• 4.11.16

    Thayer Allyson Gowdy Imports Lessons from Cuba

    Off the mainland coast of Cuba there's a small island called Varadero that is largely referred to as Fidel and Raul Castro's getaway. On this island there's a tiny hotel that's open to anyone who can get there, and a man for hire with a jeep to take you on safari. But there are no predators out there, no lions, no cheetahs, no poachers. Instead it's all prey animals happily multiplying to impressive numbers and if you want to drive by and gawk at them, they don't care. Thayer Allyson Gowdy recently had the opportunity to experience this micro safari for a Costal Living story on Cuba. She and the writer, Tracey Minkin, travelled together, a rare experience, and had a totally strange and lovely safari experience. “You jump in this jeep and you drive around on your own private island, and drive with herds of zebras and camels. It’s crazy," she says. "It’s like going to Africa but you’re in Cuba and it’s really small and it’s just yours. It was really surreal.”

    We have been separate from Cuba for so long that we've developed in different worlds. So little of our cultures have overlapped, culling the cross over of tradition and information. But with the recent easing of relations, we have so much to learn from one another, most notably for us is medical information. Cuba's medical research is some of the best in the world, and includes research we're far behind in. But as Thayer describes it, there's even more we can learn from Cuba. “Be happy with what you have," Thayer says. Because of decades of sanctions their access to technology and tech products is extraordinarily limited, and although it's no elective for them, we can still learn from it. "I don’t think that’s something that they want but it’s something that they have," she explains. "The saddest part is that’s not a choice they’re making but it’s something that we can learn from them and it’s not going to last very long. All they want to do is live a different life. At least the younger population. That was the most common question I was asked, 'When are they coming? When are the Americans coming?'” As soon as the Americans start coming in real numbers, Cuba will see changes. They will demand reliable and fast internet and cellphone service, and lifted sanctions will mean additional income, a more robust economy, and a freer exchange of goods that they don't have access to right now.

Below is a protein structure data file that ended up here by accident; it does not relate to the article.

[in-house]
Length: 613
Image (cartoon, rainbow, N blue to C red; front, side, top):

At one point, Thayer and Tracey companion were walking through the streets of Santiago (Thayer's favorite Cuban city), and followed rumors to one of the most heartening discoveries of the whole trip. “There was a dance contest, and there were a bunch of neighborhoods that had dance groups," Thayer tells it. "There were so many people there watching, and I think one of the most amazing things was there wasn’t a single person in the entire audience with a phone. Not one. Not one person was taking a picture or rolling videotape, they were just watching and smiling and laughing. It was really beautiful. it was amazing to see that.” Maybe no one in that square had a phone out because they didn't have them, and they should have the right to acquire whatever kind of device they want to film a hundred town square dance competitions. But if they did have their phones and kept them in their pockets to be totally present with what was happening in the heart of their town, that's something we can learn from. And it's a lesson whose examples are disappearing by the day.

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